But after the Super Bowl, when everyone saw downtown Phoenix lit up with concerts, lighting, events and programming on TV, Mackay said the development community started to look at the city's downtown area differently. The city's prospect activity also picked up for businesses looking to expand or relocate to Phoenix, she added.
"It's not just downtown Phoenix, it showcased all of Phoenix. Our industrial parks were shown, our skylines were shown, our hiking paths were shown. It really gave Phoenix the chance to truly shine on the national stage," Mackay said.
Devney Preuss, president and CEO of Downtown PHX, said that next year, they also want to use the Super Bowl Central to market and showcase downtown Phoenix as a "forward thinking, technologically-savvy, innovative hub of activity." Preuss said many local business also had record business days for a week in a row and hopes they will see the same results next year.
The estimated benefits for hosting a Super Bowl can far outweigh any financial losses, but it will still cost residents and visitors to support an event of this caliber, especially in the cities holding a majority of the events.
Many cities and state agencies have been working behind the scenes for years to upgrade the Valley's transportation systems such as the light rail, construction in key areas like downtown Phoenix and the stadium itself. Some cities are also anticipating millions in costs for municipal services to support game operations and events.
Glendale, for example, said its budget for the Super Bowl is $3 million for operation expenses, while the city of Phoenix also said it expects to have more than $3 million in primarily public safety costs. Phoenix also collects fees from tourism businesses that are put toward a fund for Super Bowl costs.
The Super Bowl Committee, which is working with more than 30 Arizona partners, is also in the process of fundraising up to $50 million to help with costs like marketing.
“We anticipate more than 5,000 media members coming from around the world to the Super Bowl, so we want to make sure that we are hosting them, getting them the information they need, so again they are telling the fantastic story of our state,” said Parry.
The city of Glendale said it committed to a $1 million Super Bowl Committee sponsorship package to help pay for costs associated with attracting Super Bowls to the region.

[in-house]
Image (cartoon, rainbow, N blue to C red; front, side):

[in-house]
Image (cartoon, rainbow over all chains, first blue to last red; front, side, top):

“We do this because, at the end of the day, we know there is a tremendous benefit to the region,” Kevin Phelps, Glendale's city manager, said. “The stronger the region is, the stronger the city of Glendale is going to be."
The committee said it also focuses on leaving lasting effects through programs such as the Super Bowl Legacy Grant Program, in which more than $2 million is donated to Arizona nonprofits, and a business connect program, which connects small businesses owned by minorities, women, LGBTQ people and veterans with workshops, networking and contract opportunities.
Some experts say economic forecasts for the Super Bowl are often overinflated, especially for cities that take on large amounts of debt to build or renovate new stadiums in order to attract the Super Bowl.
Although Arizona’s 63,000-seat football stadium was constructed in 2006, the Arizona Sports and Tourism Authority said the total outstanding bond debt for State Farm Stadium is $178.9 million, including $12 million for capital improvements. AZSTA owns and operates the stadium.
“Since the inception of AZSTA, we have refinanced bonds multiple times, taking advantage of more favorable market conditions to achieve cash flow savings on debt service — and those savings are then available to be reinvested in the building,” a spokesperson said in an email.
Since 2015, the authority said that the stadium has also undergone approximately $150 million in renovations funded by the Cardinals and AZSTA. Although these renovations were not specifically made for the Super Bowl, the event will benefit from them, AZSTA said.
“These improvements were to maintain a building that hosts 110 events annually and to ensure that the building remains competitive in the evolving mega events industry,” the authority said.
Bloomberg reported in February that AZSTA is also planning to sell $146.3 million in municipal bonds next year. The proceeds are expected to go to refinancing outstanding debt and to improve heating, ventilation and air conditioning and for new furniture, carpets and flooring at State Farm Stadium.
By the numbers:
The economic impact of the 2015 Super Bowl, Pro Bowl and related events on Arizona
The number of visitors to Arizona for Super Bowl weekend in 2015
The number of viewers who tuned at to watch the Super Bowl in 2015
Source: ASU; NBC Sports Group